General comments

Today, we commence a whole new topic. Ailments of the urinary tract are quite common in dogs and cats. I do believe that the changes in the diet we offer our dogs and cats are not in sync with the development of the pets’ physiology. As a result, there are great stresses placed on the organs. For example, if the dog’s diet traditionally (in the wild) was based on almost pure meat, then the digestive/excretory process would react differently when confronted with a heavy plant-based carbohydrate diet.

The kidneys of dogs and cats seem to be under special pressure because of the new lifestyles and feeding regimes. I remember my Professor once saying, albeit a long time ago, that the dog is fundamentally a “nephritic.” I suppose he meant that if one organ in the dog’s anatomy would go bad, it would be the kidney. Forty-three plus years of experience tell me that his observation was correct, especially with regard to elderly dogs and cats.

Of course, because of the nature of the excreta (urine), all of those organs associated with the kidneys – the ureters (the tubes leading from the kidneys to the bladder), the bladder and the urethra (the tube leading from the bladder to the penis/vagina) – are more susceptible to infection. I should mention that many authors count the prostate gland (in the male) as part of the urinary tract.

Well, there is a connection in the sense that the secretion from the prostate enters the urethra – via small ducts (canals). But perhaps it is more logical to associate the prostate gland with the sexual (reproductive) system rather than with the urinary system. So, I will deal with the prostate gland ailments when problems of the reproductive system will be discussed.

The kidneys are paired organs located on each side of the backbone just behind and below the last ribs. Each kidney has a renal pelvis or funnel that siphons the urine into a ureter. (See above).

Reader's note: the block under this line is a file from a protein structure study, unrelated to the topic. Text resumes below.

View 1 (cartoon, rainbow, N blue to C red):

The ureters pass on down to the pelvic brim and empty into the bladder. The passageway that connects the neck of the bladder to the outside is called the urethra. The opening of the urethra is found at the tip of the penis in the male and between the folds of the vulva in the female. In the male, the urethra also serves as a channel for semen.

One function of the kidneys is to maintain water and mineral balance and excrete the wastes of metabolism (a simple definition for metabolism is: that process by which nutritive material (food) is built up into living matter; during the course of this building up of tissue some waste stuff is produced). This is accomplished by nephrons, the basic working units of the kidneys. Damage to nephrons leads to renal insufficiency (kidney failure).

‘Won’t someone offer me a good home?’ this spayed female dog seems to be pleading while she waits at the GSPCA.

Normal urine is yellow and clear. Its colour can be altered by the level of the body’s water content (state of hydration), and by certain drugs which produce an orangish colour. Aspirin or vitamin B-complex tablets, for example, tend to turn urine an orangish-yellow. I should mention that colouring materials used in food additives are excreted by the kidneys, and would therefore colour urine accordingly.

The act of urinating is under the conscious control of the central nervous system. A dog can decide when he wants to void. This is the basis for successful house-training. But once the decision to void is reached, the actual mechanism of bladder emptying is carried out by a complicated spinal cord reflex.
More about the urinary tract and its ailments next week.

Please implement disease preventative measures (vaccinations, routine dewormings, monthly anti-heartworm medication, etc) and adopt-a-pet from the GSPCA’s Animal Clinic and Shelter at Robb Street and Orange Walk, if you have the wherewithal to care well for the animals.  Do not stray your unwanted pets, take them to the GSPCA’s Clinic and Shelter instead. If you do not wish your pet to have puppies or kittens, you may exploit the GSPCA’s free spay and neutering programme. If you see anyone being cruel to an animal, or if you need any technical information, please get in touch with the Clinic and Shelter by calling 226-4237.

Around the Web